Event-planning startup extending its reach

June 13, 2012
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Four months ago, I used this space to introduce you to Crystal Grave and her startup online event-planning resource, Snappening.com.

The website, which offers a searchable database of central Indiana event venues and professional planners, has drawn more than 45,000 visitors since its April 2011 launch. Now Grave is expanding the service to four new markets: Bloomington, Fort Wayne, South Bend and Louisville, Ky.

“I’m wavering between total excitement and total exhaustion,” Grave admitted last week.

Snappening.com has information on 1,600 local event venues and 90 planners, which Grave said is the most comprehensive list of its kind in central Indiana.

Grave is making connections with existing organizations in the other cities—chosen based on feedback from existing Snappening.com users—and expects to spend about six months working with them to build similarly robust databases before marketing the expanded service.

“We don’t want missing, incomplete or weak data,” she said.

Event venues and planners don’t have to pay for a basic listing on the website, but optional “premium” services include online tools and promotional efforts. Consumers likewise can search for free or pay for subscriptions that allow them to receive multiple quotes and accept online RSVPs.

Expansion has been part of Grave’s grand plan since the start. “It has always been our intention to take this as far across the county as we can,” she said. But she doesn’t want to rush the process.

The key to Snappening.com’s early success has been its “boots on the ground” familiarity with the local event-planning market, Grave said, and she is trying to replicate that expertise in other cities.

“This is a relationship-based industry,” she said. “We are not resting on the laurels of our technology alone.”


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  1. A Tilted Kilt at a water park themed hotel? Who planned that one? I guess the Dad's need something to do while the kids are on the water slides.

  2. Don't come down on the fair for offering drinks. This is a craft and certainly one that belongs in agriculture due to ingredients. And for those worrying about how much you can drink. I'm sure it's more to do with liability than anything else. They don't want people suing for being over served. If you want a buzz, do a little pre-drinking before you go.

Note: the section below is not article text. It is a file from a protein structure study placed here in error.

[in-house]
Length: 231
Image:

3. I don't drink but go into this "controlled area" so my friend can drink. They have their 3 drink limit and then I give my friend my 3 drink limit. How is the fair going to control this very likely situation????

  4. I feel the conditions of the alcohol sales are a bit heavy handed, but you need to realize this is the first year in quite some time that beer & wine will be sold at the fair. They're starting off slowly to get a gauge on how it will perform this year - I would assume if everything goes fine that they relax some of the limits in the next year or couple of years. That said, I think requiring the consumption of alcohol to only occur in the beer tent is a bit much. That is going to be an awkward situation for those with minors - "Honey, I'm getting a beer... Ok, sure go ahead... Alright see you in just a min- half an hour."

  5. This might be an effort on the part of the State Fair Board to manage the risk until they get a better feel for it. However, the blanket notion that alcohol should not be served at "family oriented" events is perhaps an oversimplification. and not too realistic. For 15 years, I was a volunteer at the Indianapolis Air Show, which was as family oriented an event as it gets. We sold beer donated by Monarch Beverage Company and served by licensed and trained employees of United Package Liquors who were unpaid volunteers. And where did that money go? To central Indiana children's charities, including Riley Hospital for Children! It's all about managing the risk.